A new look at proteins in living cells


August 27, 2012

Proteins adorning the surfaces of human cells perform an array of essential functions, including cell signaling, communication and the transport of vital substances into and out of cells. They are critical targets for drug delivery and many proteins are now being identified as disease biomarkers – early warning beacons announcing the pre-symptomatic presence of cancers and other diseases.

While study of the binding properties of membrane proteins is essential, detailed analysis of these complex entities is tricky. Now, Nongjian (NJ) Tao, professor of electrical engineering, and director of the Center for Bioelectronics and Biosensors at ASU’s Biodesign Institute, has devised a new technique for examining the binding kinetics of membrane proteins. Schematic illustration of the experimental set-up for surface plasmon resonance Download Full Image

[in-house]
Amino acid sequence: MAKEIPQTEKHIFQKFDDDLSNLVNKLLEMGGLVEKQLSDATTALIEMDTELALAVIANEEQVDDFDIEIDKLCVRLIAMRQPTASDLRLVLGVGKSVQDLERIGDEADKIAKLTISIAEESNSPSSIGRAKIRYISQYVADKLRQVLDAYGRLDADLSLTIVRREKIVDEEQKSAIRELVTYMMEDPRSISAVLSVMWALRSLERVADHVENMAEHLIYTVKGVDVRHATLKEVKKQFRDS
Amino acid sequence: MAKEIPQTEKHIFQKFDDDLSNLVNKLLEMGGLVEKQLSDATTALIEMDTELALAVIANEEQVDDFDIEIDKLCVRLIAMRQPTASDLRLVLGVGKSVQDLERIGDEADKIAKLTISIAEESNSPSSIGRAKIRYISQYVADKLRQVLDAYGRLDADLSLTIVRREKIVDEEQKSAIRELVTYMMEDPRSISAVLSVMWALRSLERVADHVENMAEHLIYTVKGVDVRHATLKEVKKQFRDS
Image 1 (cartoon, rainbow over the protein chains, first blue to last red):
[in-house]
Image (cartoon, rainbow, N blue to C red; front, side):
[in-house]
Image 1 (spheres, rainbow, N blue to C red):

“This is a very important but very difficult problem to solve,” Tao notes. “We demonstrate a new method of approaching the issue, which provides a quantitative analysis of protein interactions on the surface of a cell.”

The technique – known as SPR microscopy – holds the potential to simplify the study of membrane proteins, thereby streamlining the development of new drugs, aiding the identification of diagnostic biomarkers and improving the understanding of cell-pathogen interactions.

The group’s results appear in this week’s advanced online issue of the journal Nature Chemistry.

Typically, proteins attached to or embedded in the cell membrane’s lipid bilayer are either tagged with fluorescent markers or extracted from their locations, purified and immobilized on a glass surface in protein microarrays. These efforts may not accurately reflect native configuration and function.